γ-Hexachlorocyclohexane (γ-HCH)-degrading strain, Sphingobium sp. TA15, was newly isolated from an experimental field soil from which the archetypal γ-HCH-degrading strain, S. japonicum UT26, was isolated previously. Comparison of the complete genome sequences of these 2 strains revealed that TA15 shares the same basic genome backbone with UT26, but also has the variable regions that are presumed to have changed either from UT26 or from a putative common ancestor. Organization and localization of lin genes of TA15 were different from those of UT26. It was inferred that transposition of IS6100 had played a crucial role in these genome rearrangements. The accumulation of toxic dead-end products in TA15 was lower than in UT26, suggesting that TA15 utilizes γ-HCH more effectively than UT26. These results suggested that genome evolution related to the γ-HCH metabolic function in the soil microbial population is ongoing.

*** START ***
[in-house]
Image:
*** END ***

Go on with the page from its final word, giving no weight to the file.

- insertion sequence